♦ Nashville native Laura Cantrell has long called New York City home, but we still claim the fêted singer-songwriter and disk jockey as our own—as do the dazzling likes of Elvis Costello and the late British deejay John Peel. Cantrell's set to release her third album, Humming by the Flowered Vine, a gorgeous collection of originals and covers (including Lucinda Williams' "Letters" and Wynn Stewart's "Wishful Thinking") June 21 on the always hip Matador imprint. She'll be touring Europe and the U.S. to promote the disc, but there's still no date in Nashville. Who knows, though? There's a decent-sized window between her July 1 show in Atlanta and her July 4 gig at New York's Battery Park with Yo La Tengo and Stephen Malkmus. We can hope, anyway. Not to be missed, meanwhile, is her long-running "Radio Thrift Shop" on Jersey City's WFMU 91.1. The fabulously eclectic show airs in the New York area every Saturday noon to 3 p.m. (EST) and streams in Real Audio at

Shows this week

♦ On Saturday, May 21, Bob Dylan's birthday, the aptly named Wicked Messengers will present their interpretation of the album that set the standard for the songwriter's legendary ability to baffle expectations, John Wesley Harding. Full of biblical allegories and mythical characters, John Wesley Harding epitomizes Dylan's bent for wedding simple, rootsy music with elusive, complex storylines—which, incidentally, have lost none of their power to confound over the 38 years since the record's release. The Wicked Messengers include former Felix Wiley member Maarten Muller on vocals, guitar and harmonica, along with bassist Travis Collinsworth and drummer Mark Pavlack, who've provided the rhythm section for local bands Losers Beat Winners, Bones Explosion and One Sexy Bitch. The show starts early, 6:30 p.m. at the Family Wash, so let us not talk falsely now, the hour is getting late.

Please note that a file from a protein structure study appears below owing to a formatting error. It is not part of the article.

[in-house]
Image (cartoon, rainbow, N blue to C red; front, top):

♦ If you like bluegrass, nature and good deeds, it doesn't get much better than the Full Moon Pickin' Parties, which take place, naturally, during or near full moons throughout the summer at the Steeplechase Barn in Percy Warner Park. The first of five such parties this year kicks off at 7 p.m. this Friday, featuring the Volunteer String Band, Mixt Company and Big Dogs. Tickets are $15 in advance and $20 at the door, $10 for ages 7-15, and free for children 6 and under. (No charge for pickers, though a $5 donation is suggested; if you don't know what a picker is, you aren't one, so ignore this.) Proceeds go to the park for preservation, educational activities and campouts and hayrides for inner-city kids. There'll be plenty of beverages and barbecue from Hog Heaven available for purchase. For reservations, call 370-8053.

Upcoming and cause for excitement

♦ Bonnaroo finalized the lineup for its fourth annual foray into the fields of Manchester, Tenn., and the festival's stylistic breadth just keeps expanding. Yeah, the usual suspects are there in abundance—Dave Matthews, Bob Weir, Widespread Panic, The Allman Brothers, etc.—but kudos to the organizers for ignoring musical boundaries (which are artificial anyway), with acts like Herbie Hancock's Headhunters, De La Soul, My Morning Jacket, John Prine, Iron & Wine, Jurassic 5, The Mars Volta, Alison Krauss and everyone's favorite Hasidic rapper, Matisyahu. Not to mention a comedy tent, featuring Jim Breuer and Chappelle's Show regular (and Eddie Murphy's brother) Charlie Murphy. (Surely he'll have some fun at the granola crowd's expense.) Tickets are still available, but they usually don't last long; visit for details.